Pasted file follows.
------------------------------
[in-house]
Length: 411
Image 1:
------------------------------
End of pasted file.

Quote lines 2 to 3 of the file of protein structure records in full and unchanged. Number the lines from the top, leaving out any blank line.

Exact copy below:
Length: 411
Image 1: